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Neurology. 2010 Sep 28;75(13):1150-8. doi: 10.1212/WNL.0b013e3181f4d5bb. Epub 2010 Aug 25.

Neurologic disease burden in treated HIV/AIDS predicts survival: a population-based study.

Author information

1
Division of Neurology, University of Alberta, Edmonton, Canada.

Abstract

BACKGROUND:

Combination antiretroviral therapy (cART) has improved the survival of patients with HIV/AIDS but its impact remains uncertain on the changing prevalence and incidence of neurologic disorders with ensuing effects on mortality.

METHODS:

The prevalence and incidence of neurologic disorders were examined in patients receiving active care in a regional HIV care program from 1998 to 2008. The mortality hazard ratio (HR) was calculated by Cox proportional hazard models with adjustment for demographic and clinical variables.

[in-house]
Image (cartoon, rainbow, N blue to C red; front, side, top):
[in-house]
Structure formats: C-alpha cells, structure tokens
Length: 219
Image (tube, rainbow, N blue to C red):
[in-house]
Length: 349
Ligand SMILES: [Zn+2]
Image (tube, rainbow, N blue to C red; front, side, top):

RESULTS:

Of 1,651 HIV-infected patients assessed, 404 (24.5%) were identified as having one or more neurologic disorders, while 41% of AIDS-affected persons exhibited neurologic disease. Symptomatic distal sensory polyneuropathy (DSP, 10.0%) and HIV-associated neurocognitive disorder (HAND, 6.2%) represented the most prevalent disorders among 53 recognized neurologic disorders. Patients with at least one neurologic disorder exhibited higher mortality rates (17.6% vs 8.0%, p < 0.0001), particularly AIDS-related deaths (9.7% vs 3.2%, p < 0.0001), compared with those without neurologic disorders. The highest mortality HR was associated with opportunistic infections of CNS (HR 5.3, 95% confidence interval [CI] 2.5-11.2), followed by HAND (HR 3.1, 95% CI 1.8-5.3) and the presence of any neurologic disorder (HR 2.0, 95% CI 1.2-3.2). The risk of AIDS-related death with a neurologic disorder was increased by 13.3% per 100 cells/mm(3) decrement in blood CD4+ T-cell levels or by 39% per 10-fold increment in plasma viral load.

CONCLUSIONS:

The burden and type of HIV-related neurologic disease have evolved over the past decade and despite the availability of cART, neurologic disorders occur frequently and predict an increased risk of death.

PMID:
20739646
PMCID:
PMC3013488
DOI:
10.1212/WNL.0b013e3181f4d5bb
[Indexed for MEDLINE]
Free PMC Article

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